Indian court sentences pair to death over 'House of Horrors' serial killings

NEW DELHI - An Indian court sentenced a businessman and his servant to death Monday (July 24) for the murder of a woman at a mansion dubbed the "House of Horrors", where 18 other victims were found butchered.

Moninder Singh Pandher and his groundskeeper Surinder Koli were found guilty at the weekend of the rape and murder of 20-year-old Pinki Sarkar, whose skeleton was found along with other human remains near Pandher's house outside New Delhi in 2006.

Her murder case was described in court as the "rarest of the rare", a criterion for the passing of the death sentence in India.

"The prosecution presented a watertight case against the accused and the judgement is appropriate," R K Gaur, a spokesman for India's federal Central Bureau of Investigation, told AFP.

Pandher and Koli had been sentenced to death in 2009 for the killing of a 14-year-old girl, but the businessman was cleared by a higher court months later.

The grisly killing spree sparked nationwide outrage as police recovered skulls, bones and the decomposing remains of missing persons from a sewer next to Pandher's home in Noida outside the capital.

Most of Pandher and Koli's alleged victims were children and women from nearby slums who disappeared without trace between 2005 and 2006.

Koli has been sentenced to death for six other murders related to the house, and faces similar charges in nine more instances.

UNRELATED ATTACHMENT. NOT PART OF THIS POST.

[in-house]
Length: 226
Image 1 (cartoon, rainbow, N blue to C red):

Pandher is facing four more murder charges. Police initially believed he was not aware of the killings but he was later ordered to stand trial for rape and murder.

Investigators said Koli lured victims as young as three from the slums to Pandher's house, where they were raped and murdered before being dumped in nearby drains.

Koli allegedly confessed to raping the corpses of his victims and even eating human remains, believing cannibalism cured impotency, but later retracted his statement.

Police found nearly 70 bags stuffed with human remains in sewers around Pandher's home in a wealthy enclave.

Slum residents living nearby said 40 people, mostly children, had gone missing since 2004 and accused police of ignoring their complaints.

Six police officers were sacked in 2007 for negligence over their handling of the case, prompting the federal bureau to take over the investigation.